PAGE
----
On February 17, 2009, President Barack Obama is signing into law The American Recovery and Reinvestment Tax Act of 2009 (the “Act”). This Alert summarizes the key provisions of the Act affecting businesses and individuals.
Business Indebtedness. The Act permits a debtor that reacquires its own debt at a discount (directly or indirectly through a related party) during 2009 or 2010, including as a result of the complete forgiveness of the debt, to elect to defer recognizing income resulting from that reacquisition. The deferral election is effective until the debtor’s 2014 taxable year, at which point the deferred income must be recognized ratably over a five-year period.
NOL Carrybacks. The Act allows “small businesses” (corporations or partnerships with average annual gross receipts of no more than $15,000,000 over the preceding three years) to carry back 2008 or 2009 net operating losses (NOLs) for up to five years. This provision is more restrictive than the original versions of the stimulus bill passed by the House and Senate, which would have permitted five-year NOL carrybacks by a broader range of business taxpayers.
Small Business Stock Gain Exclusion. The Act permits a noncorporate taxpayer acquiring qualified small business stock between the Act’s enactment and December 31, 2010 to exclude 75% (rather than 50% as under current law) of any gain on the sale or exchange of such stock.
Built-In Gains Tax. The Act shortens the recognition period for certain assets subject to the S corporation built-in gains tax from 10 years to 7 years, as long as (i) the sale of such assets occurs during the S corporation’s taxable year beginning in 2009 or 2010, and (ii) the S corporation has been an S corporation for more than 7 years before the builtin gain is triggered.
Business Expenses: Alternative Benefits. The Act extends business tax benefits adopted in 2008 by (i) permitting “bonus depreciation” for assets placed in service during 2009, allowing an immediate deduction of up to 50% of the cost of applicable assets with depreciable lives of 20 years or less; and (ii) permitting businesses to elect to deduct up to $250,000 of capital asset acquisitions during their taxable years beginning in 2009, subject to a phaseout beginning at $800,000 of capital asset acquisitions. In lieu of bonus depreciation, businesses may elect to receive 20% of the value of unused alternative minimum tax (AMT) or research and development credits.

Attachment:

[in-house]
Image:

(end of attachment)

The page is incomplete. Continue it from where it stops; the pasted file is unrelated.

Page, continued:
Repeal of Treasury Section 382 Notice. The Act prospectively repeals Treasury Notice 2008-83, which had loosened restrictions on deductions for losses associated with loans and bad debts by banks experiencing ownership changes.
First-Time Homebuyer Tax Credit. Eligible homebuyers can claim a refundable tax credit of 10% of a home’s purchase price, with the maximum credit set at $8,000. The home must be purchased after December 31, 2008, and before December 1, 2009. The credit phases out for taxpayers whose modified adjusted gross income exceeds $75,000 ($150,000 for married couples filing joint returns). The credit applies to any individual who has not owned (and, if married, whose spouse has not owned) an interest in a principal residence for the three years ending on the date of the applicable purchase. In contrast to the credit for purchases made in 2008, the credit for applicable purchases in 2009 is not subject to recapture unless the taxpayer sells the residence or ceases to use it as his or her principal residence within three years of the purchase date.
Home Energy Efficiency Incentives. The Act extends tax credits for residential energy efficiency improvements through 2010. For 2009 and 2010, the credit will be 30% of the amount paid or incurred by the taxpayer for qualified energy efficiency improvements during the taxable year, up to an aggregate cap of $1,500.
Sales Tax Deduction for Vehicle Purchases. The Act allows individuals to deduct state and local sales and excise taxes paid on the purchase of new vehicles (including cars, light trucks, motor homes, and motorcycles) between the date of enactment and December 31, 2009. That deduction is not subject to the limits on miscellaneous itemized deductions and is not affected by the AMT; however, the deduction phases out for taxpayers whose modified adjusted gross income exceeds $125,000 ($250,000 for married couples filing joint returns).
Alternative Minimum Tax. The Act “patches” the AMT for 2009 by raising the exemption levels to $46,700 for individual filers and to $70,950 for joint filers.
Section 529 Plans. The Act permits 529 plan funds to be used to purchase computer technology and equipment, Internet access, and related services during 2009 or 2010, for use by the plan beneficiary and the beneficiary’s family while the beneficiary is enrolled at an eligible educational institution.